Rev. Kristian Wold
Slideshow image

“Why don’t we use the traditional version of the Lord’s Prayer in worship any more?”
 
This question starts a conversation I’ve had many times with individuals and groups in the church. I’m sensitive to the fact that we all feel deeply about the words we use in prayer. The ritual words of the Lord’s Prayer, spoken in cadences that have been with us since before the dawn of memory, connect us with our loved ones—whether they are with us in the flesh or gone to be with the Lord. They connect us to our roots and some of the most profound moments of our lives. They connect us to God. When the words are changed it can feel like that fundamental connection is diminished. “The old Lord’s Prayer is just the language of my heart,” one person said to me.
 
So then why change?
 
Because language is a living thing that changes over time. Words that once meant one thing come to mean another. Other words fall out of use entirely. If a new generation is to be able to internalize the prayers of faith, then they must be expressed in language that is accessible.
 
An example is the petition, “Lead us not into temptation,” as it reads in the “old” Lord’s Prayer. The Greek word behind the English text is peirasmos,which referred to a time of testing or trial, brought on by the powers of this world – suffering that could lead to loss of faith. It does not imply that God might lure or entice people to evil, as a modern reader of the word “temptation” might mistakenly think. “Save us from the time of trial,” is a more straightforward rendition of the original Greek text.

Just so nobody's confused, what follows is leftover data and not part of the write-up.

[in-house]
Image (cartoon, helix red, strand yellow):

Aware of the need to speak afresh to new generations of faith, the church has always undertaken to update its language of prayer. This is what the first two lines of the Lord’s Prayer looked like to previous generations of English speakers:
 
Fæder ūre, ðū ðē eart on heofonum,
Sī ðīn nama gehālgod. – Old English, 995
 
Our fadir that art in heuenes,
halwid be thi name. – Middle English (Wycliffe), 1389
 
Our father which art in heauen,
hallowed be thy name. – King James Version, 1611
 
Our Father, who art in heaven,
Hallowed be thy Name. – Book of Common Prayer, 1928
(This is what most of us know as the “traditional” or “old” Lord’s Prayer.)
 
Our Father in heaven,
hallowed be your name. – English Language Liturgical Consultation, 1988
 
This last version of the Lord’s Prayer is what I myself grew up with, and is closest to my own heart. It is also ecumenically what most mainline English speaking churches, including the ELCIC, have agreed officially to use in their worship.
 
I choose to use the 1988 ecumenical version of the Lord’s Prayer for Sunday morning worship at Hope so that we as a congregation can learn the prayer that is most widely used in English speaking churches today, and speaks its meaning in the clearest contemporary language.
 
All this said, it is still very acceptable to pray the version of the Lord’s Prayer that is closest to your heart, even if it is different than what the congregation as a whole is saying. I have been in groups where everyone spoke the prayer in a different language altogether, a Pentecostal cacophony that was still bound in a deeper spiritual unity. Even when spoken in different versions, dialects, and languages, it is the same Lord we all address with the same basic prayer for healing and wholeness in our world. In the end we all acknowledge that
 
            (thine is) the kingdom, the power, and the glory (are yours)
            now and forever. Amen.
 
Pastor Kristian